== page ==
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Jun 24, 2014
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WINE WITH…Steak with “The Best Sauce in the World”

Much has been written lately about the savory East-meets-West amalgam of soy sauce and butter, which was described as a “sublime combination” by Sam Sifton in the New York Times. Wolfgang Puck and Roy Choi are among those who champion this particular pairing of creamy and pungent tastes, but it is famed chef/restaurateur Jean-Georges Vongerichten who really brought it to the forefront of gastronomic attention. In fact, we read some time ago that Vongerichten’s favorite sauce is a mixture butter, soy sauce, Tabasco, ketchup, vinegar, and lime juice. He called this Thai inspired combo “the best sauce in the world” and said it is particularly good on grouper. We decided to try it ourselves one evening despite the fact that we had no other information than what the basic ingredients were. Everything else was a question: How much butter and soy sauce? Wine vinegar or balsamic? Since we seemed to be out of Tabasco, would it be okay to substitute cayenne? Should we cook the sauce, or marinate the grouper in it? For that matter we had a steak in the fridge; would it work instead of the fish?

And so we forged ahead, inventing as we went along. The result: Yes, this is indeed one of the best sauces anywhere. Rich, complex and savory, packed with umami and balanced sweetness, acidity and spice, it would probably be delicious on anything, from pork to green beans.

Steak with “The Best Sauce in the World”

Serves four

2-4 rib-eye steaks, two to three pounds total
salt and pepper
2 tablespoons softened good-quality unsalted butter plus 1 tablespoon
1 tablespoon soy sauce
1 tablespoon ketchup
1 teaspoon red wine vinegar
¼ teaspoon cayenne
1 tablespoon olive oil
½ cup dry red wine
2 tablespoons fresh lime juice

An hour or so ahead of time, salt and pepper both sides of the steak and refrigerate it until ready to cook. In a small bowl blend together the butter, soy sauce, ketchup, vinegar and cayenne. The mixture does not have to be perfectly smooth and amalgamated as it will all fuse together in the cooking.

About 10 minutes before cooking, heat a sturdy skillet (we used cast iron) until it just begins to smoke. Add the olive oil and extra tablespoon of butter to the pan and quickly add the steaks, working in batches if necessary. Sear on both sides, turning them occasionally, until done to your likeness (about 5 minutes total for medium rare depending on thickness of the meat).

Remove the steaks to a serving dish and wipe the skillet out with a paper towel. Reheat the pan and add the red wine. Over high heat, boil the wine down, stirring constantly, until it is reduced to about half. Lower the heat to medium, and stir in the butter/soy mixture. As soon as the sauce is bubbly and thoroughly incorporated, remove the pan from the heat and stir in the lime juice. Spoon the sauce over the steaks and serve immediately.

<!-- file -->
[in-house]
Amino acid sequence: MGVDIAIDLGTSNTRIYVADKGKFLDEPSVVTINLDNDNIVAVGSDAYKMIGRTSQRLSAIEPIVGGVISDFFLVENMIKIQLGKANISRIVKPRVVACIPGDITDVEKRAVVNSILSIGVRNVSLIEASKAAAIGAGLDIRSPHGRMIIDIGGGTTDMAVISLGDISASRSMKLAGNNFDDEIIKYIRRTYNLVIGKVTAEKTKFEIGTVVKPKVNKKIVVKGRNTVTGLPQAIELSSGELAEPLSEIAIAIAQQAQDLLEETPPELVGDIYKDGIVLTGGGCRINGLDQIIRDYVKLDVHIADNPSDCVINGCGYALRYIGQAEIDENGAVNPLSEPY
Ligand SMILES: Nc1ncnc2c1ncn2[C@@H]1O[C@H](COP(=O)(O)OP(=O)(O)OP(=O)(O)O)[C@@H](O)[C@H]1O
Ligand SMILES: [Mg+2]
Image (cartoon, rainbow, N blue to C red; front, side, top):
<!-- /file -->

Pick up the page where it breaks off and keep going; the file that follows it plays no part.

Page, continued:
* * *

Clearly a red wine dish, we found that the rich sauce and chewy steak can hold up to plenty of tannin in the wine you choose, so full-bodied rather than lighter, more delicate reds work best with it. No one grape variety stood out in our tastings, though wines made with both Cabernet and Shiraz/ Syrah performed especially well. The sauce is itself so multi-faceted that extremely complex wines run the risk of getting lost when paired with it. Look instead for wines with forward, direct flavors and, above all, good balance.

Connect  on Twitter:   @M_L_Thomas  and  @Wine_With_
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Approx. Price


Clos du Val, Napa Valley (California) Cabernet Sauvignon 2011


An old-fashioned Napa Cab, meaning a wine with less flash and dazzle than some, but better harmony and expression than most, this wine matched the steak and sauce perfectly in term of intensity and power. Everything complemented everything else, with no element of the pairing proving dominant.

Marqués del Campo, Ribera del Duero (Spain) Tempranillo


(Imported by USA West)


A straightforward, almost blunt Tempranillo, with earthy undertones augmenting more forceful dark cherry scented fruit. The wine is very nicely balanced, with a core of acidity that prevents it from becoming flabby, and firm tannins in the finish.

Morgan, Santa Lucia Highlands (California) Syrah “Double L Vineyard” 2011


A lovely Syrah that shows plenty of red and black fruit flavor with more than a dash of pepper and dried herbs to provide intrigue. Those non-fruit flavors gave both it and the dish added depth when they were paired together.

Pic & Chapoutier, Crozes-Hermitage (France) 2010

(Imported by Nice Legs, LLC)


The lightest wine we are recommending, this medium-weight beauty excited us for much the same reason as the Morgan Syrah—the extra depth of flavor it gave to the dish and the dish gave to it. Being lighter, however, the harmony was not quite as obvious, though the wine was every bit as delicious.

Wild Oats, Central Ranges (Australia) Shiraz 2011

(Imported by Pacific Highway Wines & Spirits)


A pretty Aussie Shiraz, full of sweet, seductive fruit flavors that, unlike the Syrah-based wines from France and California, had the effect of lightening the dish. This may be a stylistic winemaking difference or the result of very different growing conditions, but no matter the cause, the end result was a quite distinctive pairing.